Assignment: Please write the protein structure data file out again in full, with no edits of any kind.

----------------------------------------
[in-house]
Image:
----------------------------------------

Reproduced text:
[in-house]
Image: